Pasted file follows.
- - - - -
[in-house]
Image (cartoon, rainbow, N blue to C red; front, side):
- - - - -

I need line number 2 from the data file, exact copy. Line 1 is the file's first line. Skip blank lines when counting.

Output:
Image (cartoon, rainbow, N blue to C red; front, side):